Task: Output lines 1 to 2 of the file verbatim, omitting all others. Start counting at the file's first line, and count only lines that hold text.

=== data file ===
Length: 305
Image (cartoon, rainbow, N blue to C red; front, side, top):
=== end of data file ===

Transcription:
Length: 305
Image (cartoon, rainbow, N blue to C red; front, side, top):